Step 2: Tape down both containers and place one pump tube in each container

Step 3: Connect voltage source to motor driver and set voltage to 11 volts

Step 4: Verify the inlet and outlet tubes for each pump direction and make sure inlet tube of direction 1 is in the full cup

Step 5: Use potentiometer to set pump voltage to 100% (may be only able to hit 99%)

Step 6: Start pump in direction 1 and start timer once pump starts

Step 7: Stop timer once the full cup is empty but keep pump running until all the water has worked through the pump

Step 8: Record the time and direction and voltage percentage

Step 9: Keep voltage setting the same and start pump in direction 2. Begin timer once pump starts and stop once the full cup has completely emptied

Step 10: Record pump direction, voltage percentage, and time

Step 11: Repeat steps 5-10 with the voltage percentage set as 95%, 90%, 85%, and 80% or until the voltage percentage is too low for the pump to start

Analysis:

For more information on analysis of flow rate see the calculations and validations section of report.

Step 1: Using 1g = 1ml, calculate the volumetric flow rate for each run by dividing 200 ml by the time in seconds for the pump to empty one of the cups

Step 2: Plot voltage percent vs volumetric flow rate, as seen in the figure

  1. Plot should show a linear relationship between voltage percentage and flow rate
  2. Use plot when choosing voltage settings for future runs in order to get desired flow rate (for example based on the results above to achieve flow rate around 1.3 ml/s set voltage to 93 %)
  3. The average flow rate can be determined by dividing the volumetric flow rate by the flow cross sectional area (tank width multiplied by water height)
  4. The table included shows flow velocities calculated based on the volumetric flow rates calculated

Step 6: Visual Validation of Laminar Flow in the Tank

Materials:

Tank components:

  • Flume
  • Mesh components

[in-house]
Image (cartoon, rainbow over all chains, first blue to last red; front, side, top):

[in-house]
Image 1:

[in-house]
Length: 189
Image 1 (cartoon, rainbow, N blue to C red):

• Peristaltic pump
  • Tubing for the peristaltic pump
  • Voltmeter
  • Flow reversing arduino
  • 200 ml of water

Objective specific components:

  • Food dye

Procedure:

Step 1: Configure the tank and and pump set up

Step 2: Set the voltmeter to 11V

Step 3: Set the arduino percent volt output to the 99%

Step 4: Start the pump and let it run for 30 seconds

Step 5: Add a 3 drop of dye as close to the outlet tube as possible

Step 6: Let the dye get pulled through the pump tubing and observe the flow profile at the inlet

Step 7: Visually confirm the flow profile looks like figure A from the top down view and F from a side view as it enters the first observation chamber

Step 8: Visually confirm the flow profile looks like figure B from the top down view and F from a side view as it continues through the first observation chamber

Step 9: Visually confirm the flow profile looks like figure C from the top down view and F from a side view as it exits the first observation chamber and starts to travel around the bend

Step 10: Visually confirm the flow profile looks like figure D from the top down view and F from a side view as it continue to travel around the bend

Step 11: Visually confirm the flow profile looks like figure E from the top down view and F from a side view as it enters the second observation chamber